12 August 2018
Controlling phase for rapid memory
Published online 9 August 2018
A novel method for controlling the electrical currents within a superconducting device shows promise for high-speed memory storage in future computers.
Computer circuits built using superconductors could have several advantages over conventional electronics. The total lack of electrical resistance in superconductors could allow greater power efficiency, and the strange quantum physics associated with these materials — particularly the ability of electrons to ‘quantum tunnel’ across energy barriers — opens up new possibilities for logic operations within the circuits.
Now, Norman Birge at Michigan State University and co-workers, including a researcher affiliated with Khalifa University of Science and Technology in the United Arab Emirates, have demonstrated a promising new way to control the electrical current within a superconducting device called a Josephson junction.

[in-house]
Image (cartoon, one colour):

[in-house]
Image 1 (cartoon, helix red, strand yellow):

In a Josephson junction, a very thin layer of non-superconducting material acts as an energy barrier between two superconductor layers, and electrons can quantum tunnel across this barrier, resulting in a current. Birge and co-workers made a new multi-layered Josephson junction with three ferromagnetic layers acting as energy barriers, arranged so that their directions of magnetization were perpendicular to each other.
By installing their junction in a structure called a superconducting quantum interference device (SQUID), and cooling the system down to superconducting conditions using liquid helium, the researchers were able to detect changes in the phase of the current. Their measurements confirmed a theoretical prediction that the phase would shift by either 0° or 180° depending on how the direction of magnetization changes across the different layers.
The switchable and measurable nature of this SQUID device makes it a strong contender for use in computer logic. “We are working in collaboration with scientists at Northrop Grumman Corporation toward using these types of controllable Josephson junctions as memory devices for a superconducting computer,” says Birge.
- Glick, J. A. et al. Phase control in a spin-triplet SQUID. Sci. Adv. 4, eaat9457 (2018).